The Grand Re-Opening of Ben Lomond
This past weekend I was able to take off from work and help some friends in the grand re-opening of the historic site they work at. You may do something different with your time off, but I took off from interpreting to go interpret. When you are passionate about something as much as I am about the historical events in our past, interpreting is not merely a career path or a job for now. The historic site, Ben Lomond, may possibly be the first site in Virginia to really give folks some idea of what it was like for a private residence to become a field hospital due to battlefield casualties.
A brief history:
In 1832, a descendant of Robert “Councillor” Carter, Benjamin Tasker Chinn, inherited land in Prince William County. On a parcel of that land he had a Federal style, two story building constructed of local red sandstone laid irregularly which was historically covered in stucco and scored to appear to be more expensive stone. The Chinn family by 1850 leased the house and farm referred to as “Ben Lomond.” By the mid-1850s the property had been subleased to three Scottish citizens: Thomas Pringle, his son, Andrew, and his grandson, Andrew, Jr. Following the battle of 1st Manassas on July 21, 1861 the house for about three months was used as field hospital. The Pringles were given an option to leave the house completely or move as much as they could fit into one room and remain in there. They chose the latter option and occupied an upstairs room.
In March 1862, the Confederates evacuated the Manassas area. During the spring of 1862, Union soldiers came to Ben Lomond and smashed up furnishings and placed graffiti on the walls of the house. This graffiti still survives today.
The property includes a dairy and smokehouse of the same materials as the big house and a slave quarter built about the same time as the other structures and of the same materials.
You can and should visit Ben Lomond Historic Site, 10321 Sudley Manor Road, Manassas, VA.
A recap of the event:
After years of research, fundraising and of exhibition installation, the hospital exhibit opened Saturday, May 21. Saturday’s visitation was about 300 and Sunday’s visitation was (as expected) less. The grand re-opening program featured speeches by county officials but certainly the crowd stopper was a friend of mine, George Wunderlich, Executive Director of the National Museum of Civil War Medicine. George continues to remind us all to really investigate the medical practices of the 1860s. Often those who are buffs of the American Civil War imagine ill-trained medical staff and relentlessly hacksaw surgeons who did nothing but cut off limbs. We also imagine popularly that most soldiers died of issues related to battlefield wounds. In contrast, we think of ourselves as so innovative with our ability to get prompt medical attention. Anyone who has been to a modern emergency room, Patient First, or doctor’s office would know that it not the reality but it is often our perception of reality. Friends Paige Gibbons, Elaine Kessinger and Noah Briggs regaled visitors with tales regarding those who came to or worked at Ben Lomond in July 1861. I was the interpreter for the slave quarter.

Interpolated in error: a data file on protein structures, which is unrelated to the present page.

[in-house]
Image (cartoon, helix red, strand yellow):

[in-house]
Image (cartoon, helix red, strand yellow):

Honestly, I expected once the speeches were complete that everyone would crowd into the big house at Ben Lomond. Several folks, however, took to dash off to the slave quarter, also known as, the area I volunteered to interpret. I was happy over the course of Saturday and Sunday til about 2:00 P.M. to have talked to just about everyone who visited the site. The public did not ignore the slave quarter and indeed I had some people who remained in the building for at least an hour and possibly longer.
I found the public who visited to generally have a thirst for knowledge about the conditions of slavery, the lives of enslaved people, and relationships between enslaved people and their owners, the community in which they belonged (and yet not totally a part of), and the law. Equally people wished for some understanding of the lives of free blacks in Prince William County and Virginia generally in the late antebellum and Civil War periods.
Probably the most often asked question this weekend was “How many people slept in this quarter?” That is an answer difficult to come by.
Benjamin Chinn owned seven slaves when he came to Ben Lomond in 1830. However, little information survives regarding the enslaved people owned by the Chinns. Therefore I spent a considerable amount of time discussing generics lf slave housing. Drawing on primary sources from slave holders and the important work of John Michael Vlach since the 1990s, I informed visitors about the theories of slave holders regarding slave quarters like the one at Ben Lomond which is constructed of the same materials as the big house. Slaveholders at the time believed these to be improvements and indeed they were. However, often these duplexes could be crowded with medium to large families. In the arrangement of the duplex form of slave housing, one family unit was allowed one room. Thus a duplex such as the one at Ben Lomond could have one family on the left side of the building and one on the right side. There is a loft space above which could be shared by the occupants of one duplex. Again, it is impossible to know precisely how the duplex at Ben Lomond was used but I tried through the course of the weekend to leave upon people some generics of slave housing.